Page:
Wednesday, 26 September 2012

The ghetto guide to printing light colours on dark fabrics


You have a professional quality stencil made. Your screen is ready to print. In this guide I will explain which ink to use on a low budget so that you are producing a quality product that will sell well.

Know your printing inks

There are two common types of printing ink; Water Based & Plastisol

Water Based Inks

Water based inks are easy to use; they air-dry on the garment and can be heat-set with a clothes hand-iron.

The upside: Air-drying, easy to heat-set with three minutes at 180°C with clothes hand-iron with the cotton setting. Bright colour /coverage

The down side: There really isn’t one.

Plastisol Inks

Currently the industry standard Plastisol ink gives bright colour and coverage. If you go into your local chain store you will see row after row of Plastisol printed T-shirts. They are easy to spot; ink sits on top of the fabric, and feels kind of like rubbery plastic.

The upside: Bright colour/coverage on dark-coloured garments.

The downside: Plastisol inks do not air dry at all and are required reach a temperature of 320°C to 330°C. To be honest they really need to be baked in an oven to heat-set.

The print garment industry uses both Plastisol and water based ink depending on the item’s material.

Contact your local screen print supplier for ink stock:
If you are in New Zealand use CCG Industries: Screen printing.
If you are in USA use Catspit Productions, LLC.

Choosing the right ink for the ghetto printer

When you’re starting out on a low budget you need an ink you can rely on to deliver quality. Opaque water based heat-set inks are the way to go if you are starting out on a budget, trust me on this. I recommend you use an OPAQUE water-based printing paste suitable for both light and dark fabric to print your T's upon. You can also buy PEARL PASTE, which is an opaque print paste that with the addition of concentrated dyes can be mixed to make any colour. This method prints bright, opaque colours on dark fabric. This OPAQUE print paste differs from normal water-based textile ink as it is thicker, and gives better coverage and brighter colours upon dark fabrics.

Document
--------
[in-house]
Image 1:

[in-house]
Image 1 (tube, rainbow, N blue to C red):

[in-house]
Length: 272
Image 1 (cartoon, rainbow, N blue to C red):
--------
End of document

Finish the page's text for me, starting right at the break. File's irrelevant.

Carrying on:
Opaque White ink and Opaque Pearl paste
OPAQUE print paste differs from normal water-based textile ink as it is thicker, and gives better coverage and brighter colours upon dark fabrics.

When black is the only option

The acid test for printing a light colour on dark fabric is printing white on black. All the T-shirts I print on are black and I print a lot of white on black. This method is sound. When you go to heat-set the garment make sure the ink is dry first (leave to air dry), then heat-set for 3 minutes at 180°C with a clothes hand-iron. You probably have one lying around but if not get one cheaply.

A final word on Plastisol ink

Don’t try to heat set Plastisol without the proper equipment. Some people try to use their own garage methods to heat-set Plastisol ink such as using heat-guns designed for paint stripping. I don’t recommend this as it can burn the garment or fail to heat-set parts of the ink properly, but if you are dead-set on using Plastisol ink then your best option is to buy a Flash Cure unit for around $750 -$1000. A flash cure unit will enable you to heat-set the Plastisol ink properly. I'm not saying Plastisol is bad or not to use it so if you can afford to get the proper equipment to heat-set it then go there but I don’t try to heat set Plastisol ink without the proper gear as it will likely lead to a product you can’t sell.
I am using opaque water based inks to print and it is totally commercially viable for the start-up screen printer, people are buying my T's and I receive consistent and positive feedback. You can do it to.

Where to buy T-shirts